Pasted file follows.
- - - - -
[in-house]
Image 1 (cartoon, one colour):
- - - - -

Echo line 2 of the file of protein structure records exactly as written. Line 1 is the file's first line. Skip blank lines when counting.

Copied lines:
Image 1 (cartoon, one colour):